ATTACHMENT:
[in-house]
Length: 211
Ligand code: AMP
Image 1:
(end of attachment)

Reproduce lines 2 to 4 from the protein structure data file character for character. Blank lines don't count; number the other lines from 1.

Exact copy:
Length: 211
Ligand code: AMP
Image 1: